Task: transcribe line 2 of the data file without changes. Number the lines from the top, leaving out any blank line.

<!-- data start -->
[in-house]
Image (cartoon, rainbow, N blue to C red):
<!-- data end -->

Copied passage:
Image (cartoon, rainbow, N blue to C red):